Like today it was a period of great division. Increases in immigration to the US from cultures and countries considered by some more “exotic” than previous waves that had arrived from England, Protestant Germany, and Scandinavia caused grave concern.


1882 Political Cartoon. Rising negativity from American to the Chinese led to the Chinese Exclusion Act of 1882



The early Chinese immigrants in the mid-1800s were hemmed in by intense racial hatred and fears ( the dreaded yellow peril) by language barriers and by stringent immigration laws that kept their families in China

On the west coast influxes of Chinese and Japanese found new homes and work. Millions arrived in the East from Ireland and Italy mostly Catholics, who elicited great suspicion.

People were worried that the character of their country was changing.

Although the Know Nothings didn’t last long as a political party, their brand of racist, anti-immigration policy seems as relevant today.


Abraham Lincoln 1858

It’s worth reading what one future Republican President said in reaction to the Know Nothing party. In a letter to Joshua Speed dated August 1855, Abraham Lincoln wrote:

“I am not a Know-Nothing. That is certain. How could I be? How can any one who abhors the oppression of Negroes, be in favor of degrading classes of white people? Our progress in degeneracy appears to me to be pretty rapid. As a nation, we begin by declaring that “all men are created equal.” We now practically read it “all men are created equal, except Negroes.”

When the Know-Nothings get control, it will read “all men are created equal, except Negroes, and foreigners, and Catholics.” When it comes to this I should prefer emigrating to some country where they make no pretense of loving liberty-to Russia, for instance, where despotism can be taken pure, and without the base alloy of hypocrisy.”

You Might Also Enjoy:

I Married A Refugee

American Nativism- Nothing New


© Sally Edelstein and Envisioning The American Dream, 2017.

























  1. Love this imagistic essay! Very iconic.

    Liked by 2 people

  2. Pingback: Art History blog

  3. Pierre Lagacé

    My great-father emigrated to the U.S. in early 1860s. A few of his children were born there. He then came back to Canada where my grandfather was born in 1888. The family left for good in 1889 or 1890. Stanislas Lagacé, who changed his name to Dennis Lagassee, lived the rest of his life in Bristol, Connecticut. He died in 1927.

    My grandfather returned to Quebec around 1907. I could have been an American but destiny had decided otherwise. I would have learned a lot about American history. Thanks to you I am learning a lot. Thanks again for Envisioning the American Dream Sally.

    Liked by 2 people

  4. Pierre Lagacé

    As a footnote…
    Canada also had the same attitude towards immigrants. Now we seem more opened, but that’s just an illusion I think.

    Strangely what is happening in the U.S and all over the world is slowly happening in Canada. The mistrust against politicians, which I believe is the roots of what we see happening now in the world, with the media gladly playing along reporting it for ratings and profit, how people can react almost immediately spreading news, fake news, alternative facts… This is the perfect recipe for a complete breakdown of our modern civilization in my own humble opinion Sally.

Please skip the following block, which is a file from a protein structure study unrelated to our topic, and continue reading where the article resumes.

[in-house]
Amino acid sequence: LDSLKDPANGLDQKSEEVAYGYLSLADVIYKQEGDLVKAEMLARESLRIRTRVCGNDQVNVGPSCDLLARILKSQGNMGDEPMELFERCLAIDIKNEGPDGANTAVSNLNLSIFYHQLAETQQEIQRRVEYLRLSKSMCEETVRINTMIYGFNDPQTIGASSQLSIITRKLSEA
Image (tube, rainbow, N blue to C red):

Liked by 2 people

    • That saddens me to learn that the erosions we are witnessing around the globe are beginning to infect Canada too, which I have always perceived as being a very inclusive society. Like you, I fear for us and I fear for the next generation

      Liked by 2 people

  5. Pierre Lagacé

    As a grandfather I fear for my grandchildren.

    Liked by 2 people

  6. Sally, it is so very refreshing to read a blogger like yourself that has a true grasp and grip on our history… even our less-than stellar history! When a people can admit their own mistakes and horrors — ala modern Germans post-WW2 for allowing the Nazis to decimate their nation and millions of other nations & families — and not just boast of their glories and victories via propaganda, it says A LOT about those people’s integrity and their leaders! If all we and the world hear and read is non-stop pride, perfection, and arrogance, as many a cliché goes… ‘When it looks and sounds TOO good to be true, it most often is false’ — even grossly fabricated. Swallowing too much of one thing at face-value begins to sour and stink — then the nearest toilet MUST be found! 😛

    Charles Darwin once wrote:

    …ignorance more frequently begets confidence than does knowledge: it is those who know little, and not those who know much, who so positively assert that this or that problem will never be solved…

    This isn’t at all advocacy for the Socratic proverb, “the more you know the more you realize how little you know” but instead that true knowledge (both altruistic and horrific) leads us to productive humility and the more you know BROADLY, the more you recognize science and reasoning can go forward, trouncing ignorance and more importantly manufactured ignorance.

    Excellent post Sally! Thank you for this poignant reminder. ❤

    Liked by 3 people

  7. I was just watching this one before I happened upon your latest post.

    Liked by 1 person